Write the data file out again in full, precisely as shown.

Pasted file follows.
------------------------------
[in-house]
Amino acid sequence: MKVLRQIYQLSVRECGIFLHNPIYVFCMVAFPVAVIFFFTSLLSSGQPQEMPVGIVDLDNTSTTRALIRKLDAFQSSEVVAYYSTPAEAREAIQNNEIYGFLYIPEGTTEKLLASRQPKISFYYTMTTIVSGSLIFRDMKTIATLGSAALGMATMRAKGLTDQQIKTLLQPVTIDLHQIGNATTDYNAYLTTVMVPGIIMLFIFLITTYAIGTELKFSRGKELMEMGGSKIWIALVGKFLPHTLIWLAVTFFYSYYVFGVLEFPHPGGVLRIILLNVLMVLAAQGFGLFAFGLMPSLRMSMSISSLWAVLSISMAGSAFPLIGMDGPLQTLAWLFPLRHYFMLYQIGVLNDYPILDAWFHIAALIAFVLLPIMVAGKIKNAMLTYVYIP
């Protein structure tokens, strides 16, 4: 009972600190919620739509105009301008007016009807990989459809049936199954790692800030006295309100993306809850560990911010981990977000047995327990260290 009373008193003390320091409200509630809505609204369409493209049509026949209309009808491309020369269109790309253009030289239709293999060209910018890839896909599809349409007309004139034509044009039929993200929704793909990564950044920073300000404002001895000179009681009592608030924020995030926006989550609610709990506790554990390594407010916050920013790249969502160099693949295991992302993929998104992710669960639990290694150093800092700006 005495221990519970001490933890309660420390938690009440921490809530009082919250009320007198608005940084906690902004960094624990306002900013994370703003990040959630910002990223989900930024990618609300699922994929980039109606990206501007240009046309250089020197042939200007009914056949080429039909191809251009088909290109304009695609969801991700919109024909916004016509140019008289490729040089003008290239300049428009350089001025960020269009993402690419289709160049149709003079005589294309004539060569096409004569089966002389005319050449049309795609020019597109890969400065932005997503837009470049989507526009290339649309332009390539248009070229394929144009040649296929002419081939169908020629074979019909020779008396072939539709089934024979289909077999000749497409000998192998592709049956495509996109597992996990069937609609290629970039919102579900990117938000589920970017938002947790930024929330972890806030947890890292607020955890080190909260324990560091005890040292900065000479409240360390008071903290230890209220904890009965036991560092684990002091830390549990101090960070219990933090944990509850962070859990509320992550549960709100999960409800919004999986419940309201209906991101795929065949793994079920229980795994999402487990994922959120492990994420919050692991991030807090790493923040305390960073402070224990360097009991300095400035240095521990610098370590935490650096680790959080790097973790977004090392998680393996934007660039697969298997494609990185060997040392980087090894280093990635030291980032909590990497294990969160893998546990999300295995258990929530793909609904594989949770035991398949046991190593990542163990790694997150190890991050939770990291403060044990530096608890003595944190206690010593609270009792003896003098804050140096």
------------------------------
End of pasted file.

[in-house]
Amino acid sequence: MKVLRQIYQLSVRECGIFLHNPIYVFCMVAFPVAVIFFFTSLLSSGQPQEMPVGIVDLDNTSTTRALIRKLDAFQSSEVVAYYSTPAEAREAIQNNEIYGFLYIPEGTTEKLLASRQPKISFYYTMTTIVSGSLIFRDMKTIATLGSAALGMATMRAKGLTDQQIKTLLQPVTIDLHQIGNATTDYNAYLTTVMVPGIIMLFIFLITTYAIGTELKFSRGKELMEMGGSKIWIALVGKFLPHTLIWLAVTFFYSYYVFGVLEFPHPGGVLRIILLNVLMVLAAQGFGLFAFGLMPSLRMSMSISSLWAVLSISMAGSAFPLIGMDGPLQTLAWLFPLRHYFMLYQIGVLNDYPILDAWFHIAALIAFVLLPIMVAGKIKNAMLTYVYIP
């Protein structure tokens, strides 16, 4: 009972600190919620739509105009301008007016009807990989459809049936199954790692800030006295309100993306809850560990911010981990977000047995327990260290 009373008193003390320091409200509630809505609204369409493209049509026949209309009808491309020369269109790309253009030289239709293999060209910018890839896909599809349409007309004139034509044009039929993200929704793909990564950044920073300000404002001895000179009681009592608030924020995030926006989550609610709990506790554990390594407010916050920013790249969502160099693949295991992302993929998104992710669960639990290694150093800092700006 005495221990519970001490933890309660420390938690009440921490809530009082919250009320007198608005940084906690902004960094624990306002900013994370703003990040959630910002990223989900930024990618609300699922994929980039109606990206501007240009046309250089020197042939200007009914056949080429039909191809251009088909290109304009695609969801991700919109024909916004016509140019008289490729040089003008290239300049428009350089001025960020269009993402690419289709160049149709003079005589294309004539060569096409004569089966002389005319050449049309795609020019597109890969400065932005997503837009470049989507526009290339649309332009390539248009070229394929144009040649296929002419081939169908020629074979019909020779008396072939539709089934024979289909077999000749497409000998192998592709049956495509996109597992996990069937609609290629970039919102579900990117938000589920970017938002947790930024929330972890806030947890890292607020955890080190909260324990560091005890040292900065000479409240360390008071903290230890209220904890009965036991560092684990002091830390549990101090960070219990933090944990509850962070859990509320992550549960709100999960409800919004999986419940309201209906991101795929065949793994079920229980795994999402487990994922959120492990994420919050692991991030807090790493923040305390960073402070224990360097009991300095400035240095521990610098370590935490650096680790959080790097973790977004090392998680393996934007660039697969298997494609990185060997040392980087090894280093990635030291980032909590990497294990969160893998546990999300295995258990929530793909609904594989949770035991398949046991190593990542163990790694997150190890991050939770990291403060044990530096608890003595944190206690010593609270009792003896003098804050140096």